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Q & A: Putting a Time Limit on Rent Stabilization

By Adam Leitman Bailey


By: Jay Romano

October 15th, 2010

Q: For the last 30 years I’ve lived in a “J-51” rental building and have been informed that my rent-stabilization status will expire in a number of years. Is this legal?

A: Adam Leitman Bailey, a Manhattan real estate lawyer, said that the under New York City’s J-51 program, building owners agree to be subject to rent stabilization in exchange for certain tax benefits on new construction projects or the rehabilitation of multiple-dwelling rental buildings. The time period can be either 34 years — generally for “affordable housing” buildings — or 14 years. “As long as the leases and renewals warn the tenants that the benefits are going to expire at a particular time,” Mr. Bailey said, “the landlord is allowed to take an apartment out of rent stabilization at the end of that period.” He notes that if a lease or renewal does not contain the warning, the tenant can remain rent-stabilized for as long as he or she occupies the apartment. “But even then,” he said, “the next tenant would normally be unregulated.”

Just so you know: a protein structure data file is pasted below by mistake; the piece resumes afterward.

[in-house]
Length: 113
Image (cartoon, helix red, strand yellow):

Adam Leitman Bailey, P.C.

NEW YORK REAL ESTATE ATTORNEYS